Down and Out in Paris and London


George Orwell

Teachers and parents! Struggling with distance learning? Our Teacher Edition on Down and Out in Paris and London can help.

Down and Out in Paris and London: Chapter 25 Summary & Analysis

The next day Orwell finds a more desirable lodging house in Pennyfields. The beds are cleaner and the conditions more humane. The narrator is particularly fond of the house’s kitchen, where stevedores do laundry half-naked and lead other lodgers in sing-a-longs. Everyone shares food. Those with money are careful to make sure the out-of-work don’t starve.
Following the bleakness of the previous chapter, this sudden change of conditions has a disorienting effect. Orwell paints this lodging house as a place of cheerful friendliness, but the lodgers’ lives turn out to be more complicated than he initially imagines.
Poverty as Opportunity Theme Icon
Orwell finds London cleaner and blander than France. There is not as much drunkenness or quarreling, and there is a lot more consuming of tea and bread. Despite the relative calm, Orwell does wander into an argument between Mormons and a crowd smearing them as polygamists, and another fight at the lodging house between a well-fed stevedore and an old age pensioner who has lost his supply of bread for three days. The latter fight is ugly and disheartening and it ends with the old man weeping into his hands.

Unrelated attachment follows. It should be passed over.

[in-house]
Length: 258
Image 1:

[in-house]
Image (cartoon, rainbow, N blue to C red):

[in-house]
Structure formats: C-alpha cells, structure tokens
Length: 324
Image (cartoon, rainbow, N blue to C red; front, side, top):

The old man’s pathetic fate is perhaps more illustrative of the London lodging house tenant than that of the naked, singing stevedore. Here, Orwell acquaints the reader with another sad fact of poverty: it is often the result of old age and infirmity rather than laziness or criminality. And the old are particularly vulnerable in a city like London where the poor are uniquely despised.
Poverty as Prison Theme Icon
Poverty is Unnecessary Theme Icon
Honesty Does Not Pay Theme Icon
With his own money dwindling, Orwell goes in search of cheaper housing and finds it in Bow. The house is much dirtier than the last—plagued with black beetles—and the men a more desperate group. During the night, a man vomits on the floor next to Orwell’s bunk. And, when Orwell wakes up the next morning, he does so to another man’s dirty feet hanging in front of his face.
Lest Orwell forget that he is living the life of a poor man, the bugs are there to remind him of his lowly position in society’s ranks. The image of another man’s dirty feet in his face likewise work to reinforce how far he has fallen. 
Poverty as Prison Theme Icon